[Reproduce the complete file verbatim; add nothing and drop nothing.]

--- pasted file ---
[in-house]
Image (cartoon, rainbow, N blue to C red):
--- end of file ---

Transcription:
[in-house]
Image (cartoon, rainbow, N blue to C red):